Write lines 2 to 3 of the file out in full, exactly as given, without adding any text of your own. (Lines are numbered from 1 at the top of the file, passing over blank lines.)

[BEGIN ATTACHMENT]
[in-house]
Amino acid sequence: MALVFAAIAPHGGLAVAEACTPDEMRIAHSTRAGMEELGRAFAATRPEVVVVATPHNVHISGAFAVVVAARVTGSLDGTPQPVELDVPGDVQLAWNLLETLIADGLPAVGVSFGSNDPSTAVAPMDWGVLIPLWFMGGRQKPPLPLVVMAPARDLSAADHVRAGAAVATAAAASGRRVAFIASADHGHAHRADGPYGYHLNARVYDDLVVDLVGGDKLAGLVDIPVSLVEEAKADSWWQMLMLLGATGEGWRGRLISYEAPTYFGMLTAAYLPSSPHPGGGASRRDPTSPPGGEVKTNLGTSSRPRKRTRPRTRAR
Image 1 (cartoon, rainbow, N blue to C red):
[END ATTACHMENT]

Amino acid sequence: MALVFAAIAPHGGLAVAEACTPDEMRIAHSTRAGMEELGRAFAATRPEVVVVATPHNVHISGAFAVVVAARVTGSLDGTPQPVELDVPGDVQLAWNLLETLIADGLPAVGVSFGSNDPSTAVAPMDWGVLIPLWFMGGRQKPPLPLVVMAPARDLSAADHVRAGAAVATAAAASGRRVAFIASADHGHAHRADGPYGYHLNARVYDDLVVDLVGGDKLAGLVDIPVSLVEEAKADSWWQMLMLLGATGEGWRGRLISYEAPTYFGMLTAAYLPSSPHPGGGASRRDPTSPPGGEVKTNLGTSSRPRKRTRPRTRAR
Image 1 (cartoon, rainbow, N blue to C red):